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Optical Infrared Coordination Network for Astronomy

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Astronomy looks into the future

An EU-funded initiative brought together Europe's national and international agencies to ensure that astronomers can carry out their research with state-of-the-art optical and infrared telescopes.

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The OPTICON (Optical infrared coordination network for astronomy) project sought to identify open challenges for optical and infrared astronomy across Europe. Its ultimate goal was to underline opportunities where progress can be made through collaboration and to take action to achieve this. OPTICON provided a framework that allowed joint actions to improve the quality of Europe's infrastructures for both night-time and daytime (solar) astronomy. It formed part of the Seventh Framework Programme's (FP7) focus on infrastructure development and involved many of Europe's astronomical observatories, data centres and laboratories. Research was dedicated to developing lasers, fast, sensitive detectors and adaptive optics. New instrumentation was investigated to allow astronomers to approach the upper limits of angular resolution. Preparing the ground for the future European Extremely Large Telescope (E-ELT), with a hundred times the power of today's instruments, was a key aim of the OPTICON project. On the other hand, OPTICON's networking activities ensured the widest possible community for next-generation research facilities. The transnational access programme opened up Europe's major telescopes, as well as world-class facilities in the Canary Islands. In addition to supporting qualified users, training was offered to new astronomers, especially scientists from central Europe. The multinational team of experts created a state-of-the-art technical environment that encouraged both skills development and research excellence. OPTICON also contributed towards a strategic plan for Europe's future astronomical infrastructures. The next step is implementation, for which an extension of the project until 2016 has been approved by the EU.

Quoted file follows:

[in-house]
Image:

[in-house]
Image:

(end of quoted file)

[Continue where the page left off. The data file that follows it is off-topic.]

Astronomy, optical, infrared telescopes, observatories, European Extremely Large Telescope

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